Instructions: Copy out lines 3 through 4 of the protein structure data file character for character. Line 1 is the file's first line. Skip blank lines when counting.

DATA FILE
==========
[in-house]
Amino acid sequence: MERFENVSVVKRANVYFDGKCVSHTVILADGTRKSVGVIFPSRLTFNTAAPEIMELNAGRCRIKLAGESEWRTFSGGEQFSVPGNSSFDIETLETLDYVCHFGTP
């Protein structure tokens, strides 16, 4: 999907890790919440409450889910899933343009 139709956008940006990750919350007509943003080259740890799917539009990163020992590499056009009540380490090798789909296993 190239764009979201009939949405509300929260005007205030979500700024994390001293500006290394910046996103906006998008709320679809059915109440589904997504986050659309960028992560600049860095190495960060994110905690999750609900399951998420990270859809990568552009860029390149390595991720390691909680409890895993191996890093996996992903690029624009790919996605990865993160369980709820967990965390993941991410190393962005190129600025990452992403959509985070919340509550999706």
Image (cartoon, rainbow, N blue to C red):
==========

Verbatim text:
């Protein structure tokens, strides 16, 4: 999907890790919440409450889910899933343009 139709956008940006990750919350007509943003080259740890799917539009990163020992590499056009009540380490090798789909296993 190239764009979201009939949405509300929260005007205030979500700024994390001293500006290394910046996103906006998008709320679809059915109440589904997504986050659309960028992560600049860095190495960060994110905690999750609900399951998420990270859809990568552009860029390149390595991720390691909680409890895993191996890093996996992903690029624009790919996605990865993160369980709820967990965390993941991410190393962005190129600025990452992403959509985070919340509550999706």
Image (cartoon, rainbow, N blue to C red):